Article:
After graduating he appeared on the West End stage and worked in a comedy double act at the Windmill Theatre with Trevor Peacock, who was to become his scriptwriter on Six-Five Special. By then he had married Margit Tischer, a German student he had met while living at Toynbee Hall in Whitechapel, east London, where she worked as a cook. He was among a group of students undertaking social work. With a family on the way, he abandoned the stage for more secure employment as a trainee producer at the BBC. The couple had four children: Alexander, who became an architect; Gabriella, Bunky (Daniella) and Andrea. Bunky predeceased him. He is survived by the other three children and ten grandchildren. His marriage to Margit was dissolved in 1987, which Good blamed on his drinking habits.

After Oh Boy! he made further shows for ITV including Boy Meets Girls, which finally enabled him to introduce American rockers such as Eddie Cochran and Gene Vincent to a British audience. He then moved to the US, where he reproduced the success of Oh Boy! for the ABC network with a programme called Shindig!. All of the biggest British groups, including the Beatles and the Rolling Stones appeared on the show. When ABC expressed nervousness about his booking of black artists such as Ike & Tina Turner, he threatened to report the network to the attorney general, Bobby Kennedy. He got his way, but walked out in 1965.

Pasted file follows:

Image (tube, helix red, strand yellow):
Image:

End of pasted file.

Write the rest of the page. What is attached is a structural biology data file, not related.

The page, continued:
He returned to the theatre to produce a musical about Elvis, Catch My Soul, a musical adaptation of Othello that starred Jerry Lee Lewis and, later, PJ Proby, and Good Rockin’ Tonite, another musical based loosely on his own life.

A convivial soul, Good was sometimes wilfully eccentric. For some years he lived in the desert near Albuquerque, New Mexico where he talked about becoming a priest, dressed in monkish robes and decorated the walls of local churches with murals, including one that portrayed the television as the Devil. He returned to Britain in 2001, spending his final years living quietly with Alexander at a farmhouse in Oxfordshire.

His conversion to Catholicism reflected a later disenchantment with rock’n’roll. “I thought, ‘What have I done? I have destroyed and corrupted the youth of this country and corrupted myself too. I have failed because I have not done anything useful to improve people’s lives.’ ” While he may have voiced doubts about his career, such dark thoughts were always punctured by lighter moments. “Rock’n’roll is like whisky,” he once observed. “You don’t think of it as having much value, but boy is it fun sometimes.”